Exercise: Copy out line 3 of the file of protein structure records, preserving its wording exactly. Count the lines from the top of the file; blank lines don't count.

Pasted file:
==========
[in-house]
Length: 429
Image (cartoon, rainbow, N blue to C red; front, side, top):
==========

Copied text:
Image (cartoon, rainbow, N blue to C red; front, side, top):